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Getting started with Windows Phone and MVVM Light - Part 1 of 2

, 10 Sep 2012
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CodeProjectA few days ago, Rich Dunbar wrote a post about how to get started with with Windows Phone Development and the post went freaking viral. Now the reason here is that Rich, in his spare time, sponsors and host events for Nokia in order to promote Windows Phone Development and as a a reward

There are a few other MVVM Frameworks available, but this by far is my favorite and in fact was also used by Amazon in their Kindle for Windows Phone application.

Start by going here and installing the latest version, this will install the templates within Visual Studio and what you'll need to complete the steps in this walk through as well as future applications I look forward to seeing.

Creating the Application


Open Visual Studio (I'm using 2010 for this), select New Project and in the Installed Templates you'll see MVVMLight(WP71).


You'll notice that MVVM Light supports WP7 and WP7.1, it also supports Windows 8 too!
I left the name of the project MVVMLight1 just for example purposes.  Go ahead and click OK and create the project. Before we write an additional code let's just hit F5 and make sure that the project compiles and the "test" initial page fires up.  This ensures that the template / framework and all of the pieces and parts of MVVM Light are operational.  If so, you should see the following:


Connecting the View and the View-Model


First let's look at the View. Open MainPage.xaml, and take a look at line 17.  The most important piece of MVVM is setting the DataContext of the View.  This allows the View to know where to look for its data or bindings.

<phone:PhoneApplicationPage x:Class="MvvmLight1.MainPage"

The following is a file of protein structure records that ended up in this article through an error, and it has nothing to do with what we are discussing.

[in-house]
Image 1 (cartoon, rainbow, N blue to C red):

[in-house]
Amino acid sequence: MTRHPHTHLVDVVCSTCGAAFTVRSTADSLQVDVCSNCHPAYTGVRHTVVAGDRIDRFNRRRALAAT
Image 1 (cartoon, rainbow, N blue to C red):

xmlns="http://schemas.microsoft.com/winfx/2006/xaml/presentation"
                            xmlns:x="http://schemas.microsoft.com/winfx/2006/xaml"
                            xmlns:phone="clr-namespace:Microsoft.Phone.Controls;assembly=Microsoft.Phone"
                            xmlns:shell="clr-namespace:Microsoft.Phone.Shell;assembly=Microsoft.Phone"
                            xmlns:d="http://schemas.microsoft.com/expression/blend/2008"
                            xmlns:mc="http://schemas.openxmlformats.org/markup-compatibility/2006"
                            FontFamily="{StaticResource PhoneFontFamilyNormal}"
                            FontSize="{StaticResource PhoneFontSizeNormal}"
                            Foreground="{StaticResource PhoneForegroundBrush}"
                            SupportedOrientations="Portrait"
                            Orientation="Portrait"
                            mc:Ignorable="d"
                            d:DesignWidth="480"
                            d:DesignHeight="768"
                            shell:SystemTray.IsVisible="True"
                            DataContext="{Binding Main, Source={StaticResource Locator}}">

You'll notice that instead of binding to an object directly, the DataContext is set to a StaticResource Property called Main within Locator. We'll put that aside for now until we cover the rest of the information here in the view.